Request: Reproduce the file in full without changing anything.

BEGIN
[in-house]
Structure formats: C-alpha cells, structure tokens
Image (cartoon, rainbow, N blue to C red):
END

[in-house]
Structure formats: C-alpha cells, structure tokens
Image (cartoon, rainbow, N blue to C red):